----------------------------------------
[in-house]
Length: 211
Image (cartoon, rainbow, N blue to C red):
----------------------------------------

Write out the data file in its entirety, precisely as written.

[in-house]
Length: 211
Image (cartoon, rainbow, N blue to C red):